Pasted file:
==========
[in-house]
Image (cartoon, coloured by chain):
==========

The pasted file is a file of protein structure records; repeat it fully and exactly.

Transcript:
[in-house]
Image (cartoon, coloured by chain):